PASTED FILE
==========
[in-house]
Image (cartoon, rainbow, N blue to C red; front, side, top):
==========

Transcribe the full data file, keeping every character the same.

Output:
[in-house]
Image (cartoon, rainbow, N blue to C red; front, side, top):